Trinity Tidings December 2021 / January 2022

Greetings in the Name of our New Born King,

It’s a lot more cheerful writing this “holiday” newsletter now than it was last year. I even had a few jokes at the announcements after the church service. The week before Sunday, October 31 I announced that “everyone MUST wear masks next Sunday.” Some may have gotten their dander up. But someone piped up and said, “That’s because next Sunday is Halloween!” Thank goodness rules have become more relaxed and we seem to be heading back to normal. We resumed having the Eucharist every Sunday “with singing.” God willing our Christmas Eve Candlelight service will be back again. One thing that never changed was the presence of Christ. He was with us last year whether we celebrated Christmas in Church or out of church. On Christmas Day last year, we did celebrate the Eucharist with the Body and Blood of Christ in Holy Communion. (Real Presence) but even though we couldn’t receive Holy Communion for a time, Jesus was still present with us. Actually a few members told me it was nice to have a quiet Christmas at home without the whole family visiting. Sometimes “simple is better.” The whole holiday can be chaotic so much that the birth of Jesus takes a back burner or in some cases is forgotten all together.

It struck me as so odd that one of the first concerns in our country this year is that due to the back-up of deliveries we will run out of Christmas gifts or not be able to buy what we want. Good Lord, is that all we have to complain about? People should be thankful they didn’t come down with the virus. Instead, we should thank God for our health and not worry about Christmas presents. What you get is what you get and that’s just fine this year.

The gift of Jesus born in the manger is the best gift we could ever receive anyway. Teach your children about this spiritual gift. In some cases, the children need to teach their parents and grandparents about this greatest of all gifts. Who is the role model in the family? Maybe one lesson from all this celebration or lack of celebration last year is to “KEEP IT SIMPLE.” There was nothing fancy about Jesus’ birth in Bethlehem and that was O.K. with Mary and Joseph, the sheep and the cattle, the goats and the chickens! They never complained and the Wise men brought nice gifts, which must have been a pleasant surprise.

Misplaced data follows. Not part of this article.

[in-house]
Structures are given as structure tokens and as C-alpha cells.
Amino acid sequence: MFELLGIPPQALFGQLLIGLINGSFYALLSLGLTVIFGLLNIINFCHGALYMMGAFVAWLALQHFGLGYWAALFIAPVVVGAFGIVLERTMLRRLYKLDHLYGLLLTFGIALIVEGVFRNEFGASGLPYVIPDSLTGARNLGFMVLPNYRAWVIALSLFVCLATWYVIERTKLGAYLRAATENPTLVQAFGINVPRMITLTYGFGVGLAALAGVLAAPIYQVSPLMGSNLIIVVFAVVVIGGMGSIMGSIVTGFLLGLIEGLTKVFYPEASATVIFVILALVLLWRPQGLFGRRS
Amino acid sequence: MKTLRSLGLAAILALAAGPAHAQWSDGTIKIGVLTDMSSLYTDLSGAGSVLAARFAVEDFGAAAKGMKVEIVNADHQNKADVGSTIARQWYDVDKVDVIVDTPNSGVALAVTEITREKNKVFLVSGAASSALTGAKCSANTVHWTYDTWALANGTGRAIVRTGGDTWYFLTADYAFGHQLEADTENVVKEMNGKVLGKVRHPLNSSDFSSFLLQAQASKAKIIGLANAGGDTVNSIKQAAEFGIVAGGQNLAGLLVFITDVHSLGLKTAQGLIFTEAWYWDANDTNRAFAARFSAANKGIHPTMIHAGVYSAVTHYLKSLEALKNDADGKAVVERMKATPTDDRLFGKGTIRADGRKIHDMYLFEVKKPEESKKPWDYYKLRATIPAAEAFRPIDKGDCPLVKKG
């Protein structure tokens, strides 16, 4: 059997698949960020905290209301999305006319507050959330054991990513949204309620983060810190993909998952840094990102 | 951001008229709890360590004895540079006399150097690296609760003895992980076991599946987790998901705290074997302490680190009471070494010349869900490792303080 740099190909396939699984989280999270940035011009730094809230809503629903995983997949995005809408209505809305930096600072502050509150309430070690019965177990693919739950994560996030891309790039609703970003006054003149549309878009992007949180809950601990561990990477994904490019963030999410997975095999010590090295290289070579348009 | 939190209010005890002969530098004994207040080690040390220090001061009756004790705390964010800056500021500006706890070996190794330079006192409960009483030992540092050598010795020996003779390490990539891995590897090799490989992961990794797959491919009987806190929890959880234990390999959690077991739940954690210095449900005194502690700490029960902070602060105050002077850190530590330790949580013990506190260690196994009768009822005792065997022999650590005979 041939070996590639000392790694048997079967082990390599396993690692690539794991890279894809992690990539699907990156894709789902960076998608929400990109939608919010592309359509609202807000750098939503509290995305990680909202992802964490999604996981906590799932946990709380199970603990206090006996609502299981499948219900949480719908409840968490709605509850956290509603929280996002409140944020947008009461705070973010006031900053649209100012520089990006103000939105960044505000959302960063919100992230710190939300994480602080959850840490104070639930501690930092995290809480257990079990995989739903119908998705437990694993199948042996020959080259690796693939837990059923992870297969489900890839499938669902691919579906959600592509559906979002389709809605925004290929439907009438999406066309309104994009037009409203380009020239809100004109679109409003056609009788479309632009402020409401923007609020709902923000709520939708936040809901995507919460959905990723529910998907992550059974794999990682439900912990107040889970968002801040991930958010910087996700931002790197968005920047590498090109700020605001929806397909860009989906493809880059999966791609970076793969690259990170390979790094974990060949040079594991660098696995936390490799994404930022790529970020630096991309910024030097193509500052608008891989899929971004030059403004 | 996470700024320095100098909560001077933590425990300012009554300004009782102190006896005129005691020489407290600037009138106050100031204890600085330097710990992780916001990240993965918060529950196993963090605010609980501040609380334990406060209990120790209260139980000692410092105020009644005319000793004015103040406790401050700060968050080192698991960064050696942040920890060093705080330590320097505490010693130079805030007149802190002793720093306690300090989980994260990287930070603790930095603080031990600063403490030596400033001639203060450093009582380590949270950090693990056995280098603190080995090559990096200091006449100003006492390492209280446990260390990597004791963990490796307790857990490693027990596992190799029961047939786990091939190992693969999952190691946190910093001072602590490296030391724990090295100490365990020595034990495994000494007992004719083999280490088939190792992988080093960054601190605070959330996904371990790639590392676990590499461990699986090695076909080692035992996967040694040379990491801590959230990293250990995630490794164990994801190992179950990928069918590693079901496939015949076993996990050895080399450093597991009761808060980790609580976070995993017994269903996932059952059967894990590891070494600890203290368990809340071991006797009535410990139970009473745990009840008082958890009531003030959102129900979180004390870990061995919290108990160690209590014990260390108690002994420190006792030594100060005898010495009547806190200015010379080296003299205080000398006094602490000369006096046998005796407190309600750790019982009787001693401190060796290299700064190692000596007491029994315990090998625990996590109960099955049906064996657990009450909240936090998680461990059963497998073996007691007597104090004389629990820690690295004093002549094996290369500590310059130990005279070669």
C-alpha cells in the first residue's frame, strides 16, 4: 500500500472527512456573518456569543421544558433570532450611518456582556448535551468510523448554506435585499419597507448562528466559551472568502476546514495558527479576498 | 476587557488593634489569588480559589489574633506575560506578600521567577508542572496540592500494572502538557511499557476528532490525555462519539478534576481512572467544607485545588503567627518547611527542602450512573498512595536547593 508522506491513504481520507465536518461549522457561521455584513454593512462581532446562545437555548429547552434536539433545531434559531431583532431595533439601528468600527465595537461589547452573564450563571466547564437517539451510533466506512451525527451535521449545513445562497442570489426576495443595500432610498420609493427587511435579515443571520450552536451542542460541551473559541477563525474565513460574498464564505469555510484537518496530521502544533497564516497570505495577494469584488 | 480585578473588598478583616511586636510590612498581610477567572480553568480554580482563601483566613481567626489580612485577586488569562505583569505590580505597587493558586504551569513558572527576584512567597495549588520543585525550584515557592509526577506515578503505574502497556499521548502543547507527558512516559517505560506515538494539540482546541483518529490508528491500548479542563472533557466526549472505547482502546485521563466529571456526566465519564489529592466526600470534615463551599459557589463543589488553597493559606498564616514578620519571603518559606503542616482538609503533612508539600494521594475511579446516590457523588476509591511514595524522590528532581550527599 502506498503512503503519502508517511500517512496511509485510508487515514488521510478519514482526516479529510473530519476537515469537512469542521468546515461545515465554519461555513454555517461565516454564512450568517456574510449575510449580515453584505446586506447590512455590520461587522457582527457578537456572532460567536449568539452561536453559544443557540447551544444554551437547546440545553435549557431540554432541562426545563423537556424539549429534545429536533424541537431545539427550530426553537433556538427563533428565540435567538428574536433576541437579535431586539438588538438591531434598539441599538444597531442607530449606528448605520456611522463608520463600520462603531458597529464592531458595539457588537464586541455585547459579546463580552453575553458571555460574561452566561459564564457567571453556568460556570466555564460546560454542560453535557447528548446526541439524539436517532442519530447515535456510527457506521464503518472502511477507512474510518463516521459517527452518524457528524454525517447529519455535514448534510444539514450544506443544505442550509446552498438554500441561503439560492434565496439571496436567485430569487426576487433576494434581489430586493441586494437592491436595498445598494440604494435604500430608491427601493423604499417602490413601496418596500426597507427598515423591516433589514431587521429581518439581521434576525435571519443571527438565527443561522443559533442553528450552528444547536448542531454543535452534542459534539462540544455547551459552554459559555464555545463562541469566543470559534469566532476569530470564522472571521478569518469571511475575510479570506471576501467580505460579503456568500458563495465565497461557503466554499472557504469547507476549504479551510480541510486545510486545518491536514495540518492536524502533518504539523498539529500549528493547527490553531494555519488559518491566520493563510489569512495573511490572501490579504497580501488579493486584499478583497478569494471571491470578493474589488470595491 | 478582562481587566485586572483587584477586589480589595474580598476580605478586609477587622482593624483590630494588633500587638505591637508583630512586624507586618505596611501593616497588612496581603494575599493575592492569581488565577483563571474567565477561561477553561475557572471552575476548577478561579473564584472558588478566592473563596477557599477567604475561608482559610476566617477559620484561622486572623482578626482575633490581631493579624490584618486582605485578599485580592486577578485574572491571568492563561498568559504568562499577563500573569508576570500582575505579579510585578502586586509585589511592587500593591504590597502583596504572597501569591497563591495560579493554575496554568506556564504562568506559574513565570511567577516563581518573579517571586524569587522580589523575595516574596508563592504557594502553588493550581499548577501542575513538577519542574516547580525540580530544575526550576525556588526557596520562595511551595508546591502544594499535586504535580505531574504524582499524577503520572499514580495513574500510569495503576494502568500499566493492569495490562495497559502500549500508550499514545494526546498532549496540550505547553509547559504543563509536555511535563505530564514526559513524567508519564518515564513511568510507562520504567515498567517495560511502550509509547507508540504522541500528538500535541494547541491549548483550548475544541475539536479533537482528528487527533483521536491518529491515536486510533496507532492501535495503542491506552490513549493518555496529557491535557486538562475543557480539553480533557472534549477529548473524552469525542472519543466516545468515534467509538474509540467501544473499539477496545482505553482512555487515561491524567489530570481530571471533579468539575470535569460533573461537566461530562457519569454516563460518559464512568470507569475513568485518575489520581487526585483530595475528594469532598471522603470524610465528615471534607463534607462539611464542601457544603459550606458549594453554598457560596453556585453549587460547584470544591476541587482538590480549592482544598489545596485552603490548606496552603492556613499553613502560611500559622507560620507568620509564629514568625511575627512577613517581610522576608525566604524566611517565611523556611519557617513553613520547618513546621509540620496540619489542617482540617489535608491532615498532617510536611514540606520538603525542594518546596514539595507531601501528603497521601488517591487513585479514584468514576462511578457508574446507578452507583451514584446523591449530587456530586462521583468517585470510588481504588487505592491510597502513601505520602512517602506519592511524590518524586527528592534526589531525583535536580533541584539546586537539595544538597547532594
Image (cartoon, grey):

And so we move on with our lives as we journey into 2022. I pray that you celebrate Christmas with peace and serenity and you are given a few presents too! More than anything “KEEP CHRIST IN CHRISTMAS.”

A very Merry Christmas and a Blessed and

Healthy New Year.

Pastor Christian Bunzel


On the Day of Thanksgiving, Thursday, November 25th we give thanks at the 10:00 a.m. Eucharist on this National Holiday. (Altar color is white) Be thankful that we are still here to celebrate with our families and friends.


ADVENT SERVICES – Beginning Sunday, November 28th (First Sunday in Advent) we prepare for the birth of Christ during the 4 Sundays before Christmas. (Altar color is blue and Advent Wreath is lit).

DECEMBER 24 – 7:00 p.m. Friday: Christmas Eve Candlelight Service (Altar color is white).

DECEMBER 25 – 10:00 a.m. Saturday: Christmas Day Eucharist. Join us to receive Holy Communion on the Feast of the Nativity.

HAPPY BIRTHDAY – to Mary Joyce born December 6, 1920. God bless you Mary as you celebrate and have blessed so many people for 101 years!


Jennifer Anne Shab, daughter of Margaret and Ray Shab entered into the Kingdom of God through the Sacrament of Holy Baptism on Sunday, August 29, 2021 at an 11:00 a.m. service. We welcome her and pray for her happiness and spiritual growth for many years to come!


Ruth E. DuBois (September 1, 1941 – September 16, 2021) The Funeral service as at the Lillis Funeral Home on Saturday, September 21st at 4:00 p.m. The Interment was at Long Island National Cemetery in New York. Our deepest sympathy to the entire family.

Paula Scozzafava (August 14, 1932 – August 24, 2021) sister of Daniel Krizan. The Funeral Service was at Lutheran Cemetery in Danbury, CT. Our deepest sympathy to Danny and the entire family.